“It Ain’t Over Till It’s Over”

Easter 2

Holy Humor Sunday

April 3, 2016


Text:  John 20:19-31


    Yogi Berra wrote the foreword to Joe Garagiola’s book, Just Play Ball.  In that foreword Yogi wrote:  “I remember in 1973 when I was the manager of the Mets.  We were in fifth place in early September, but the teams were all bunched together, and we had to play ‘em all.  They said we were dead.  When the writers asked me about it I told ‘em, “It ain’t over till it’s over.”

    Those words proved to be strangely predictive.  On August 30 the Mets were in last place, 10 games under .500, but just 6½ games out of first place.  Relief pitcher Tug McGraw, who rallied his teammates by shouting “You Gotta Believe!” during a team meeting, suddenly became unhittable in September, the rest of the team started playing better, and the Mets started winning and climbing through the standings. They took over the division lead on September 21, and clinched the division title on the next to the last day of the regular season.  They won 21 of their last 29 games that season.  The Mets then went on to beat the heavily favored Cincinnati Reds in the National League Championship Series to advance to the World Series, which they lost to the Oakland Athletics in seven games.  The 1973 Mets’ 82-79 regular season record remains to this day the worst record of any team to reach the World Series.  All of this happened because, even though many doubted they could succeed, they chose to believe, and good things started to happen.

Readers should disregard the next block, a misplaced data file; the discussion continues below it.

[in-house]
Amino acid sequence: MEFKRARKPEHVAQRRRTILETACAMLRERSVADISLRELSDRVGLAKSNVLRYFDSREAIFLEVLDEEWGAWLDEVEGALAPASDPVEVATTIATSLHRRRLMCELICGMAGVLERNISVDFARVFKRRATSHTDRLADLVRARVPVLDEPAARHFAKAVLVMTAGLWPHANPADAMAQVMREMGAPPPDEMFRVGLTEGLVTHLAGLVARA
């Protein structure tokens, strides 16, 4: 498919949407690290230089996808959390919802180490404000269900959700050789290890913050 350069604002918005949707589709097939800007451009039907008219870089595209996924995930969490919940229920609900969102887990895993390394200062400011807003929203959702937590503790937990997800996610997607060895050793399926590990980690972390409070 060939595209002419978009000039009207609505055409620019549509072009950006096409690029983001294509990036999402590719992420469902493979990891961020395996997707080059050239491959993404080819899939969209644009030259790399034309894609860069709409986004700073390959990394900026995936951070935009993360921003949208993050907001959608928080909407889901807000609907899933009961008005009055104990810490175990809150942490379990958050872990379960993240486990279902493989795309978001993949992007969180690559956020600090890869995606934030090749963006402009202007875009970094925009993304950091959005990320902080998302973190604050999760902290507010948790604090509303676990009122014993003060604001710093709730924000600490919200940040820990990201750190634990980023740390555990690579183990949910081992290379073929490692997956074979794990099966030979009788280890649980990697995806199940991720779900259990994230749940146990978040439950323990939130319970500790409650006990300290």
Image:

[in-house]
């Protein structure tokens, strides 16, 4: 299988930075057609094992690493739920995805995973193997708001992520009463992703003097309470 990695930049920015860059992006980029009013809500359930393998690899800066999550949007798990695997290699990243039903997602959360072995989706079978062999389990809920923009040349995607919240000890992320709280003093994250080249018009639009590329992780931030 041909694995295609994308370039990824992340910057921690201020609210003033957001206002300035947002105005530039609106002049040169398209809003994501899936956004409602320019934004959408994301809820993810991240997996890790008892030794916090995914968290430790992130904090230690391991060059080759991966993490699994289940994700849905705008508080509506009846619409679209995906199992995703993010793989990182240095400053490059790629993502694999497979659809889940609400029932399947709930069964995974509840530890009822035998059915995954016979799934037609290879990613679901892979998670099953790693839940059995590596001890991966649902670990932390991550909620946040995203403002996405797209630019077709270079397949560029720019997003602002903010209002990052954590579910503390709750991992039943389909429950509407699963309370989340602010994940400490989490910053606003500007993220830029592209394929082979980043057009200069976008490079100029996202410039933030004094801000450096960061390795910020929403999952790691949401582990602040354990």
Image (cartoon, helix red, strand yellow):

On the evening of the first day of the week following Jesus’ crucifixion, his disciples were hiding in a locked upper room, afraid the authorities were going to come and arrest them, too.  They thought it was over.  Sure, they had heard strange reports from the women who had gone to the tomb to tend to Jesus’ body saying that he had risen from the dead, but they were having a hard time believing it.  In addition, they may well have feared that these reports put them in even greater danger.  If the authorities got wind of these reports, they would crack down even harder on the followers of Jesus--and it turns out their fears were justified, for in due time that did happen.